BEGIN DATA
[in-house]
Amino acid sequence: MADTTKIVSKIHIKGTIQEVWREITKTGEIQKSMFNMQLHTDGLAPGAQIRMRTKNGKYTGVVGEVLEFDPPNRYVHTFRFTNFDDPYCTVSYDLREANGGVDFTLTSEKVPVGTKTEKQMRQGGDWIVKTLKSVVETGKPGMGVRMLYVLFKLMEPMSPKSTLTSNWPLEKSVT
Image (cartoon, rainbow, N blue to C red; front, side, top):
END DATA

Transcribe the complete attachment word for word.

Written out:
[in-house]
Amino acid sequence: MADTTKIVSKIHIKGTIQEVWREITKTGEIQKSMFNMQLHTDGLAPGAQIRMRTKNGKYTGVVGEVLEFDPPNRYVHTFRFTNFDDPYCTVSYDLREANGGVDFTLTSEKVPVGTKTEKQMRQGGDWIVKTLKSVVETGKPGMGVRMLYVLFKLMEPMSPKSTLTSNWPLEKSVT
Image (cartoon, rainbow, N blue to C red; front, side, top):